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Original vs. Remake – Romeo + Juliet

It’s time again for Catie Rhodes and me to break down another cinematic original and its remake.  Returning to our usual ways, Catie reviews the original and I take on the 1996 remake.  This month we tackle the classic, Romeo and Juliet (or in my case, Romeo + Juliet).

Usually I jump right into Catie’s homemade summary at this point; but she didn’t write one this month.  However, I will borrow her words because as usual they are spot-on: if you don’t know the basic plot of “Romeo and Juliet,” this blog post will probably be lost on you anyway. 

So, let’s just go straight to the trailer:

Before I begin my review, let’s talk briefly about Shakespeare’s play, Romeo and Juliet.

One of Shakespeare’s most popular works, Romeo and Juliet may be the most tragic love story ever told.  Many people have complained about reading Shakespeare, but I personally feel that his brilliant use of unrhymed iambic pentameter throughout Romeo and Juliet sends the reader back in time to the intended period and setting.  Shakespeare also connects with audiences of all generations with the universal themes of love and fate, and the destruction of the star-crossed lovers.

For never was a story of more woe
Than this of Juliet and her Romeo.
~ William Shakespeare, Romeo and Juliet

As Catie discusses on her blog today, Shakespeare’s tragedy was depicted into a motion picture in 1968. Sir Laurence Olivier narrated the film, while Leonard Whiting and Olivia Hussey played the young lovers.  The music composed by Nino Rota still gives me goose bumps when I hear it today.

The classic love story was adapted again in 1996, starring two of Hollywood’s biggest young stars (at the time) – Leonardo DiCaprio and Claire Danes.  This time titled, Romeo + Juliet, Shakespeare’s story is modernized (for example, using guns instead of swords) while the cast still uses Shakespearean dialogue.  One might ask, a modernized Shakespearean play with traditional Shakespearean dialogue?  Yes!  It’s simply wonderful… and creative… a great way to attract the youth of today… and masterfully performed by all involved.  And the cast is extensive: Brian Dennehy, Paul Sorvino, John Leguizamo, Dash Mihok, Jamie Kennedy, and Paul Rudd to just name a few.

But let’s talk about Leo for a second. Yes, I call him Leo.  Although his portrayal of Romeo came early in what we now know to be a very long and fruitful career, his performance was still impeccable.  But it wasn’t until Romeo + Juliet that I truly fell head-over-heels for him (and again in Titanic… and again in the 2013 version of The Great Gatsby).   However, celebrity crushes aside, rarely do I watch him in a film where he does not nail whatever role he is playing; and I firmly believe he will be remembered as one of the greatest actors of my generation.  And for the purpose of this post?  He can be my Romeo anytime.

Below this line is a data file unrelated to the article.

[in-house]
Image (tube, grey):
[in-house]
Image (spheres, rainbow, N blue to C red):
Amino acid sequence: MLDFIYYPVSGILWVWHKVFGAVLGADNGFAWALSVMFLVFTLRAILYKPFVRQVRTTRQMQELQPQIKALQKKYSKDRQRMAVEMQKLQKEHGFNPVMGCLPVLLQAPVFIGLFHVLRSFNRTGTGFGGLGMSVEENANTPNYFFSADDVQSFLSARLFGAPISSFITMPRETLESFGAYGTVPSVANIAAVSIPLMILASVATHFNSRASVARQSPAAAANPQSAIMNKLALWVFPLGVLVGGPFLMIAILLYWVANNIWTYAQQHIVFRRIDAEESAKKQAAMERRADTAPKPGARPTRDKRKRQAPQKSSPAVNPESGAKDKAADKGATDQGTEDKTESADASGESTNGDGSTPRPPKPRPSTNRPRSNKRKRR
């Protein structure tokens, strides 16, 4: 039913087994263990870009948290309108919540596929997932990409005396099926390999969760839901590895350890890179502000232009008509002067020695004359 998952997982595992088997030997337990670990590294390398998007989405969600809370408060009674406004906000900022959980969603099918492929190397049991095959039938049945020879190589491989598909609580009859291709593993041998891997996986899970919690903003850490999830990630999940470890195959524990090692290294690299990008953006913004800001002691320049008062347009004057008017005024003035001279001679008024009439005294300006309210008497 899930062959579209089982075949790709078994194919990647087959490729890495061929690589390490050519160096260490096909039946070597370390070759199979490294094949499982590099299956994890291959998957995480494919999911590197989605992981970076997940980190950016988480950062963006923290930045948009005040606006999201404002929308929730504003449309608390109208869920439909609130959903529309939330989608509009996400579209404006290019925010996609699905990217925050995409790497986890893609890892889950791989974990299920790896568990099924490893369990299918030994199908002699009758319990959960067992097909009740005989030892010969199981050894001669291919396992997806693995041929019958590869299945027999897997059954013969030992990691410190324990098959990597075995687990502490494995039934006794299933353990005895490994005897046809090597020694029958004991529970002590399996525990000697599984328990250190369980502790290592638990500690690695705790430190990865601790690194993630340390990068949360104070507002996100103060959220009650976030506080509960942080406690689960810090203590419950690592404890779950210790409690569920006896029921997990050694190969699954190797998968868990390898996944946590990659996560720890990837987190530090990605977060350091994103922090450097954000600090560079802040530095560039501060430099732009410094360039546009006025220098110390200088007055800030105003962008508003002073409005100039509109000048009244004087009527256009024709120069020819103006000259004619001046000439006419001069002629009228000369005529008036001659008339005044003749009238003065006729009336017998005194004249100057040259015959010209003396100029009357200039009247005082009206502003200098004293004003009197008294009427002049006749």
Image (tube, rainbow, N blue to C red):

And while I wasn’t thrilled about Claire Danes playing Juliet, I still weep pretty much uncontrollably every time I  watch this film (even though I know the ending… and very well at that).  To me, this makes Romeo + Juliet a classic.  I honestly believe it will live throughout the decades.  Shakespeare’s story will be told and adapted countless times in the years to come; but there is just something about this film that will survive the test of time.  Baz Luhrmann’s (writer, director, and producer) creation is unique and it will take some sort of new and fresh creative genius to top this particular rendition of the classic tragedy/love story.

Oh, and before I forget, the soundtrack is amazing.  Despite the fact it’s pushing almost twenty years old, I still listen to this disc on almost every road trip.  This ‘90s fun/blast from the past features Garbage, Everclear, Des’ree, Butthole Surfers, The Cardigans, and Radiohead.

So, overall, is the 1996 version worth a watch?  Yes!  I think so.

Does it compare to the original film?  Absolutely.  It its own right.

Should people forget about the original version?  No.  It’s a classic and originals should never be forgotten.

Remember to stop by Catie’s blog to see what she thought of the 1968 classic.

What do you think?  Have you seen either the 1968 or the 1996 version of Shakespeare’s classic love story?  If you’ve seen both, which do you prefer and why?  If you haven’t, do you want to?  I’d love to hear from you! 

*****

Tiffany A. White is the author of the YA mystery Football Sweetheart series available on Kindle and Nook.  She is available for contact via Twitter, Facebook, Google+, or via email at tiffany {at} tiffanyawhite {dot} com.